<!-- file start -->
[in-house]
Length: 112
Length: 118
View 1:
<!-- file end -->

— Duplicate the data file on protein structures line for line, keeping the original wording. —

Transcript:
[in-house]
Length: 112
Length: 118
View 1: